Saturday, September 02, 2006

Macedonia’s man of steel

Goce Sedloski may not have made an impact during his time in Sheffield but he is set to lead Macedonia when they face England on Wednesday
The player “made his mark in history”, according to Uefa. That there has been no rush of acclaim in his direction was due partly to the “feat” in question, scoring the first goal of the Euro 2008 qualifying competition, a landmark sufficiently contrived to bring to mind those small towns in the US whose road signs trumpet “Home to the World’s Largest Paperclip” or some such.

The obscurity of the player was also a factor. Goce Sedloski? No, me neither.

Yet the name means something to certain people. “Ah, you’ll be phoning about Sedloski,” said Steve Chu, the communications manager at Sheffield Wednesday, as soon as I uttered the word “Macedonia”. The Sedloski who was captain and scorer in Macedonia’s 1-0 victory over Estonia last month is the same Sedloski who signed for Wednesday in 1998, to be billed by Ron Atkinson as the Balkan Tony Adams. His transfer cost £750,000, with Wednesday agreeing to pay Hadjuk Split a further £1m once he had gone on to make 100 appearances.

In the event he made a mere four. The centre-half was released just 10 months after his arrival, having failed to get his work permit renewed. Atkinson, in his second stint as Wednesday manager, was already showing barmy tendencies back then and nicknamed Sedloski “Big Bear”.

“He’s a big, affable lad who is always throwing his arms around you,” Atkinson explained.

The other notable facts about Sedloski’s time in South Yorkshire are that despite the shortness of his stay he managed to sustain a pelvic problem, a groin strain and a broken nose; and that he was taught English by his compatriot, the infamous Georgi Hristov, of Wednesday’s local rivals Barnsley. “Barnsley must win,” was the first phrase Hristov coached him to say.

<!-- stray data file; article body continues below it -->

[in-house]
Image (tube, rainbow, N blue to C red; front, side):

Trevor Braithwait, the editor of the Wednesday fanzine Out of the Blue, said: “To be honest most Wednesday fans have forgotten him. From what I recall he was a talented defender, a cultured player who struggled with the physical demands of the English game and life in England generally.

“He was typical of the European-based players Ron brought in. If you’d heard of them it was a bonus.” Sedloski, now 32 and with the Austrian Bundesliga club SV Mattersburg, is the most experienced of the 18-man squad Macedonia have named for Wednesday’s meeting with England.

The odd story of his brief Premiership career also makes him his side’s best source for pub-conversation trivia — apart for the unbeatable fact regarding one of their goalkeepers, whose first name is Jane.

Artim Sakiri, the former West Brom player whose goal direct from a corner kick ended David Seaman’s international career when the sides met at Southampton’s St Mary’s stadium in a European Championship qualifying tie in 2002, is also still around. Macedonia earned a famous 2-2 draw that day and another reason for England to show caution is the form of their top player, Goran Pandev, a young striker who scored 11 goals in Serie A for Lazio last season, drawing interest from Juventus.

Wednesday’s game in Skopje comes three years to the day since England and Macedonia last faced one another, also in the Macedonian capital. Then, fervour caused by Macedonia’s shock result away from home caused Dragan Kanatlarovski, their manager at the time, to proclaim the fixture the “match of the century”. Bad blood was engendered by what Macedonians perceived as insults about their country in the English press prompting their supporters to set fire to a giant Union flag during the national anthems.

Outside the ground, billboards for a radio station lampooned Seaman, bearing the words “An English goalkeeping masterclass”. It got worse. Macedonia, beginning confidently, were 1-0 up and held their lead against a fairly shambolic England until half-time. England coach Sven-Göran Eriksson was sufficiently desperate to replace Frank Lampard with Emile Heskey and go three up front. Heskey set up an equaliser for the 17-year-old Wayne Rooney, whose volleyed strike made him the youngest scorer for England in an international.

Rooney is suspended from the game on Wednesday and David Beckham, who converted a penalty to give England a 2-1 win which proved priceless in qualification for Euro 2004, is yesterday’s saviour. Only Lampard, John Terry, Ashley Cole and Owen Hargreaves remain from the side that started in Skopje in 2003, and Steve McClaren’s nascent team will be tested not only by the venue but the opposition. Since 1993, when they played their first international following independence, Macedonia have been a curious side, as suggested by the fact that they drew twice against Holland yet lost to Andorra in the 2006 World Cup qualifiers, but they tend to start qualifying campaigns well.

The win versus Estonia was their third in a row and third in four games under new coach Srecko Katanec.

Katanec is Macedonia’s second foreign coach and is already proving a better appointment than their first one, the Serb Slobodan Santrac, who lasted just two matches.

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